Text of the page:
Tom Vilsack, Secretary
US Department of Agriculture
1400 Independence Ave, SW
Washington DC 20250
Dear Secretary Vilsack,
Montana Backcountry Hunters and Anglers appreciate the opportunity to write in support the proposed closure of the USDA Agriculture Research Sheep Experiment Station based in Dubois Idaho.
Our 350 Montana hunters and angler members strongly support well managed public land, as well as wildlife and wildlife habitat management. We have personal experiences that demonstrate the conflicts with wildlife occurring as a result sheep experiment station grazing. Our wildlife concerns encompass adverse effects on sage grouse, grizzly bear recovery, and huntable species including bighorn sheep, black bears, elk, moose and mule deer.
In Odell Creek we have personally observed overly dense stands of western coneflower, an indicator that range has deteriorated as a result of sheep grazing. The open grasslands at the Station support moose and elk which are displaced as soon as sheep arrive in the drainage. The grassland observed by our members has been inappropriately damaged from sheep grazing practices. Black bears are killed when in proximity of sheep. Cattle grazing also allowed at the Station takes grass otherwise available to wintering elk.
Most importantly is the widespread impact of sheep on traditional bighorn sheep habitat. Bighorns no longer exist in the Centennials in the vicinity of the Sheep Station, likely due to earlier disease transmission. Bighorns cannot be reestablished in the Centennial Mountains if the possibility of fatal disease transmission from domestic sheep to bighorns is present. Domestic sheep and bighorn sheep cannot co-exist.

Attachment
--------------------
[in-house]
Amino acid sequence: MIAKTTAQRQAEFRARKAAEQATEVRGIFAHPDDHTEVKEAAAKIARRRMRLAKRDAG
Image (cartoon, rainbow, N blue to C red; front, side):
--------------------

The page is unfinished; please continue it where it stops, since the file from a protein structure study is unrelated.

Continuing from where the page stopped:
An auctioned Montana bighorn sheep tag was purchased for $400,000 each year for the past two years, attributing the value and demand this species has among hunters. Most Montana hunters will never be able to hunt bighorns as the populations continue to be decimated by pneumonia due to contact with domestic sheep. In 2014 three rams were deliberately killed near Missoula after contact with domestic sheep to avoid disease transmission to the remaining herd. In the East Fork Bitterroot, Missoula, Rock Creek and elsewhere in the state have lost huntable numbers of bighorns in recent years after contact with domestic sheep. In the Centennial Mountains, bighorns are an important and valued native species which cannot use this extensive native habitat as long as domestic sheep occupy the Experiment Station.
We also note that Americans have expressed need to be economically efficient with their tax dollars. Consolidating research will allow existing funding to be used more efficiently, and likely produce more research results. It appears that many of those who oppose closure are narrowly looking at their own self interests. The Idaho Congressional delegation opposing the closure are the same representatives who advocate shrinking government, making it more efficient or reducing taxes.
Again, we support closure of the Sheep Experiment Station.
Greg L Munther, Co-Chairman
Montana Backcountry Hunters and Anglers.